By Benjamin W. Gilliotte, M.D.


Fibromyalgia syndrome, sometimes known as fibrositis, is a common condition, affecting more than ten million persons in the United States alone.

The cause of Fibromyalgia is not known for certain, and that is the reason the word "syndrome" is usually applied in medical terminology. It is probably that heredity predisposes individuals to the condition, but that it does not become manifest until certain aggravating factors come into play later in life.


Although the symptoms of fibromyalgia were apparently described in biblical times in the Book of Job, it only has been in the past fifteen years that research has uncovered significant clues as to the probably causes of fibromyalgia, and only in the past ten years that somewhat effective methods of treatment has been applied and understood.


Fibromyalgia is a condition affecting the muscles, the muscle coverings called the fascia, and the nervous system, although is not believed to be primarily a "nervous condition."

A fibromyalgic personality and body type have been described. Of course, not all patients fit these categories. They are said to be often compulsive, well-organized, serious, self-critical individuals who desire to be near-perfect, and become easily frustrated when their perfectionistic desires are not achieved. Their bone and muscle structures are often slight, and their posture is usually poor, with a forward slouch.

The principal symptoms are chronic fatigue, chronic pain, morning stiffness, and unrefreshed sleep. The fatigue is described as a chronic feeling of tiredness and a lack of stamina. The fatigue which is usually noted in the morning, often improves as the day goes on, and then is noted again in the evening. There is also lack of stamina for repetitive upper extremity exercises rather than a weakness of various muscles. The pain is widespread, involving generally the upper and lower back, the back of the neck, the shoulders, and hip areas. The pain is often described as a deep ache, but there is also a burning sensation which is noted. The stiffness usually is worse in the morning, lasting about an hour, improving as activity progresses. Sleep is usually described as not being restful in addition to not being of sufficient duration.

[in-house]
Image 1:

Other symptoms and conditions which may accompany fibromyalgia are: 1) allergies, which affect about half of the patients or their close relatives, 2) weather intolerance, with aggravation being noted when the atmospheric pressure is low, the temperature is low, or the humidity is high, 3) headaches, in the form of muscle aches in the front and back of the head, and sometimes migraine, 4) irritable bowel symptoms such as alternate constipation and diarrhea, and abdominal pain, 5) irritable bladder symptoms such as urinary frequency, 6) coldness of the hands and sometimes the feet similar to what is called Raynaud's phenomenon, 7) paresthesias or a feeling of "pins and needles" of the upper and lower extremities, 8) an association with a cardiac condition called mitral valve-prolapse which is usually benign, and 9) anxiety and depression on occasion.

Fibromyalgia rarely stays at the same symptom degree for long. It may improve only to recur at a later date, again improve, and again recur. It is extremely rare for it to never recur or be cured. However, with proper treatment and life-style alteration on the part of the patient it can often be reasonably controlled.

Bursitis and tendinitis are often associated with fibromyalgia after fibromyalgia has been present for a number of years.

At times there is a known precipitating incident such as an injury or an acute viral illness which appears to induce fibromyalgia. Many other times there is no known injury or illness which precedes the syndrome.

It appears that a tendency toward fibromyalgia is inherited. If one parent has fibromyalgia it is likely that 50% of his or her children will inherit the tendency, but will not develop the condition until something precipitates the condition.


Emotional stress, air-conditioning, cold drafts, cold-water swimming, high humidity, low barometric pressure, too much exercise, or too much rest, and keyboard operation all tend to aggravate fibromyalgia.


First, the patient must become an active participant in the treatment or it will surely fail. All of the known aggravating factors such as those previously listed must be avoided as much as possible.

Second, regular aerobic exercise must be participated in permanently. The purpose is to reach a heart rate of 70 to 80 percent of maximum, about 140 per minute in the average individual. Of course, the personal physician must examine the patient and approve of the exercise. If approved, fast walking, bicycle riding, or swimming are all excellent forms of aerobic exercise. The exercise must be done for at least 30 minutes, with adequate warm-up and cool-down periods, and must be done at least three times a week. This is a life-time prescription as ordered by the physician.

Third, certain anti-depressant medications, in a very low dosage not sufficient for the control of depression, have been found to be beneficial in improving the sleep patterns and decreasing pain. One of these medications is usually prescribed at bedtime. However, medication should be regarded as an aid not a cure for fibromyalgia.

Joining a support group can be of considerable assistance to the patient with fibromyalgia.


It should be appreciated that fibromyalgia is not crippling or life-threatening, nor does it later turn into a disease of that type. It can be reasonably controlled if the patient and physician form a working partnership. A positive attitude is essential for the treatment to be effective.

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